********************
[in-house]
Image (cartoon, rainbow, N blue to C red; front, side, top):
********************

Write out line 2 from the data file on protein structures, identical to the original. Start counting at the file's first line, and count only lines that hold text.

Image (cartoon, rainbow, N blue to C red; front, side, top):